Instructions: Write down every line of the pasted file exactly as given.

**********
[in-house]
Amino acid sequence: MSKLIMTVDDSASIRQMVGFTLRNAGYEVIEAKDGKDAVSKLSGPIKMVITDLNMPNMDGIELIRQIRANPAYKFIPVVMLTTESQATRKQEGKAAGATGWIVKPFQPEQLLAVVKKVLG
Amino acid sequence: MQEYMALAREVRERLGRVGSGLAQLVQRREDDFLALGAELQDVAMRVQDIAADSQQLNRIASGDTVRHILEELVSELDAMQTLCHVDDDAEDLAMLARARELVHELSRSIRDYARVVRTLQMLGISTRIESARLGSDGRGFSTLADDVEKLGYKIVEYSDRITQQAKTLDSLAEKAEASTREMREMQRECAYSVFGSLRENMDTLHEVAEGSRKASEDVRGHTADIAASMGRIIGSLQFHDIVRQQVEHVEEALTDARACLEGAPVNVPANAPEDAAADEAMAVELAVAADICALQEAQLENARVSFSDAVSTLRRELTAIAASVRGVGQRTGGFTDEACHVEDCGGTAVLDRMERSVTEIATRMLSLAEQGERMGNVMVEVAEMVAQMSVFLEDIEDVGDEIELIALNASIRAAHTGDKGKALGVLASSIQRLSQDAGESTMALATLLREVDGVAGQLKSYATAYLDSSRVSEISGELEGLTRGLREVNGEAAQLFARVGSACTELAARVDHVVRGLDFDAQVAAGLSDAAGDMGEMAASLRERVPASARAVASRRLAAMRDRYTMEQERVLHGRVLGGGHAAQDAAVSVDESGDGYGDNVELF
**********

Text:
[in-house]
Amino acid sequence: MSKLIMTVDDSASIRQMVGFTLRNAGYEVIEAKDGKDAVSKLSGPIKMVITDLNMPNMDGIELIRQIRANPAYKFIPVVMLTTESQATRKQEGKAAGATGWIVKPFQPEQLLAVVKKVLG
Amino acid sequence: MQEYMALAREVRERLGRVGSGLAQLVQRREDDFLALGAELQDVAMRVQDIAADSQQLNRIASGDTVRHILEELVSELDAMQTLCHVDDDAEDLAMLARARELVHELSRSIRDYARVVRTLQMLGISTRIESARLGSDGRGFSTLADDVEKLGYKIVEYSDRITQQAKTLDSLAEKAEASTREMREMQRECAYSVFGSLRENMDTLHEVAEGSRKASEDVRGHTADIAASMGRIIGSLQFHDIVRQQVEHVEEALTDARACLEGAPVNVPANAPEDAAADEAMAVELAVAADICALQEAQLENARVSFSDAVSTLRRELTAIAASVRGVGQRTGGFTDEACHVEDCGGTAVLDRMERSVTEIATRMLSLAEQGERMGNVMVEVAEMVAQMSVFLEDIEDVGDEIELIALNASIRAAHTGDKGKALGVLASSIQRLSQDAGESTMALATLLREVDGVAGQLKSYATAYLDSSRVSEISGELEGLTRGLREVNGEAAQLFARVGSACTELAARVDHVVRGLDFDAQVAAGLSDAAGDMGEMAASLRERVPASARAVASRRLAAMRDRYTMEQERVLHGRVLGGGHAAQDAAVSVDESGDGYGDNVELF